They say the true test of friendship is holding a friend’s hair back while she pukes her guts out from too much alcohol, but we say it’s trying to escape from a Breakout room.
It was our friend Marco’s idea. A radio DJ at Mellow 94.7 FM, he kept talking about how much fun he had trying to solve his way out of Breakout’s rooms. “It has a new Clown Room,” he said. “I haven’t tried it yet.”
Soon, we were all gung ho. “Let’s do it!” we said. “And if we don’t make it out, friendship over!”
We were eager, enthusiastic and overly confident. We had no idea what we were getting ourselves into.
We found ourselves at Breakout’s Katipunan branch on a Saturday afternoon. Marco had booked us for two rooms—the Clown Room and The Walking Dead room. We’re pretty sure The Walking Dead room (and the possibility of an encounter with a zombie) is the reason one of us suddenly couldn’t make it. Another friend backed out for a legitimate reason—he had dengue.
Such is the power of Breakout. Our day hadn’t even started and we were already dropping like flies—from eight, now down to six. But that’s okay, we thought. We’re a strong six.
The rules of Breakout are simple: You are trapped in a room (you can’t bring anything with you) and given 45 minutes to escape by finding clues and solving puzzles.
“Let’s start with a mini game,” said one of the Breakout girls. She flipped through a deck of cards and asked us to tell her when to stop.
“Stop,” we commanded.
We grabbed the card on top of the deck and showed it to everyone in our group.
“Remember your card,” we were told.
Blindfolded and, with our hands on the shoulders of the person in front of us, we were led into the Clown Room.
The thing about Breakout is it’s like Fight Club: you do not talk about Breakout, lest you ruin the experience for everyone else.
Here are the things we can tell you about the Clown Room:
One, it’s not as scary as it seems (unless you have coulrophobia—yes that’s a real word and a real phobia). Two, you will need two skills you learned as a toddler: counting and identifying colors. Three, you will feel like throwing a tantrum when you realize that you actually suck at the skills you learned as a toddler. Four, you will wonder how you ended up with friends who are all color-blind. (What is wrong with you, people?)
So, yes, our attempt to get out of the Clown Room was an utter failure. Still, our egos were unbruised.
“We were really close!”
“Yeah! Just one more lock and we would have been out!”
Then, seeking affirmation from the Breakout girls, we asked, “How close were we?”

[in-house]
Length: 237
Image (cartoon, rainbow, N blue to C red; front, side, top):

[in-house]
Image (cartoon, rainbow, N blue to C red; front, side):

“Umm, 85 percent?” one of them said.
“That was just 85 percent? But we had only one lock left!”
“Okay, 90 percent,” she said. We applauded her for her ability to resist the urge to roll her eyes at us.
“See! 90 percent! We’re definitely going to get out of the next one.”
In retrospect, we should’ve realized it would all be downhill from the Clown Room.
We posed for our Breakout fail photo, holding up signs that read, “#TrappedForever” and “His Fault” and “Her Fault.”
But that sinister clown did not break our spirit. We posted the photo on Instagram with the caption: “We’re not leaving this place until we manage to break out of at least one room!”
Marco asked one of the Breakout girls which room she preferred—The Walking Dead, which we were scheduled to do next, or Detention.
“Detention,” she said with a grin.
And because it was too late to change our booking and we were a crazy and competitive bunch, we decided to book the Detention room, too. Yes, we were doing all three Breakout rooms at the Katipunan branch in one afternoon and no one—no clown or zombie or teacher—could stop us.
While our friends were most excited about The Walking Dead, some of us were dreading it because we hated zombies. (By some, we really mean Tatin.)
As it turned out, The Walking Dead would become our most favorite Breakout room.
The awesome thing about The Walking Dead room: It will make you feel like you were stuck in a zombie movie.
The bad thing about The Walking Dead room: It will make you feel like you were stuck in a zombie movie.
When you watch horror movies, you always wonder if you’d end up getting killed first, if you’d be the one killed in a funny, campy way, or if you’d be the strong, bloodied lone survivor at the end.